/// </summary>
    public class PongGame
    {
        public const int LeftPlayer = 0;
        public const int RightPlayer = 1;

        ... more boring constants here ...

        private object _syncRoot = new object();
        private PongPlayer[] _players = new PongPlayer[2];
        private Vector _ballPosition = new Vector(FieldWidth / 2, FieldHeight / 2);
        private Vector _ballDirection = Vector.SW;
        private double _ballSpeed = BallStartingSpeedPixPerSecond;
        private int[] _score = new int[2];

        /// <summary>
        /// Token used to cances ball moving task
        /// </summary>
        private CancellationTokenSource _ballCancellationTokenSource;

        public GameState State { get; private set; }
        
        ... code here...
    }

When new player joins the game, JoinPlayer is called:

        /// <summary>
        /// Joins new player to this game
        /// </summary>
        /// <param name="player"></param>
        public void JoinPlayer(PongPlayer player)
        {
            lock (_syncRoot)
            {
                if (_players[LeftPlayer] != null && _players[RightPlayer] != null)
                    throw new InvalidOperationException();

                player.SetGame(this);
                player.PlayerDisconnected += OnPlayerDisconnected;
                player.PlayerMoved += OnPlayerMoved;

                if (_players[LeftPlayer] == null)
                {
                    _players[LeftPlayer] = player;
                    State = GameState.WaitingForPlayer;
                }
                else
                {
                    _players[RightPlayer] = player;
                    // we have two players, so start the game
                    State = GameState.InProgress; 
                    StartBall();
                }
            }
        }

We just store players in private field. When two players join, the game starts. There is a thread that is responsible for moving the ball and broadcasting ball’s position to both players:

        private void StartBall()
        {
            // this delegete is responsible for ball moving, bouncing and counting score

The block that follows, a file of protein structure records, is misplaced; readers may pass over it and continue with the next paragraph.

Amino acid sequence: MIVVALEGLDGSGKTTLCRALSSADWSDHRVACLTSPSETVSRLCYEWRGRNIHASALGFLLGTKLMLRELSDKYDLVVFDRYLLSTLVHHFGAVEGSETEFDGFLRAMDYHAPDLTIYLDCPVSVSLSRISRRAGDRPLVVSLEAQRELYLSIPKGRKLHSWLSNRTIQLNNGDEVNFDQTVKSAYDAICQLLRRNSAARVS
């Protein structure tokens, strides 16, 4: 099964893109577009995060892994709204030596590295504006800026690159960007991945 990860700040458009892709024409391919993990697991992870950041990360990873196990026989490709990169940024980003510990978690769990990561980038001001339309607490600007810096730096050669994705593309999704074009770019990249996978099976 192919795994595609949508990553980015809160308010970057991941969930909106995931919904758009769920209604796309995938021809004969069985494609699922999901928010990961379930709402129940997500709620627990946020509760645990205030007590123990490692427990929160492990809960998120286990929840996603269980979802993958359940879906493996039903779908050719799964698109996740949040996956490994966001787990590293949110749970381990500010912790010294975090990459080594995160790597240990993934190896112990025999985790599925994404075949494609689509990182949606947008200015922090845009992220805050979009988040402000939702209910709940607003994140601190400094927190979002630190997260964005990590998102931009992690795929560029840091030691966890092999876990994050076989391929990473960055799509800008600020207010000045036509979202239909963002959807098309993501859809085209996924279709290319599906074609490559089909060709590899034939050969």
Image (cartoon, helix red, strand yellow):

Action<CancellationToken> ballMover = (cancellationToken) =>
            {
                var lastTime = DateTime.Now;

                while (true)
                {
                    var thisTime = DateTime.Now;
                    // how many seconds elapsed since last pass
                    var secondsElapsed = (thisTime - lastTime).TotalMilliseconds / 1000.0;

                    MoveBall(secondsElapsed);
                    lastTime = thisTime;

                    Thread.Sleep(50);

                    // finish task if cancel requested
                    if (cancellationToken.IsCancellationRequested)
                        break;
                }
            };

            // prepare cancellation token and run the task
            _ballCancellationTokenSource = new CancellationTokenSource();
            Task.Factory.StartNew(() => ballMover(_ballCancellationTokenSource.Token), 
                _ballCancellationTokenSource.Token, TaskCreationOptions.LongRunning, 
                TaskScheduler.Default);
        }

        private void MoveBall(double secondsElapsed)
        {
            lock (_syncRoot)
            {
                // calculate new position
                _ballPosition += _ballDirection * (_ballSpeed * secondsElapsed);

                ...checking for collision and bouncing the ball..

                // check for scores
                if (_ballPosition.X < 0 || _ballPosition.X > FieldWidth)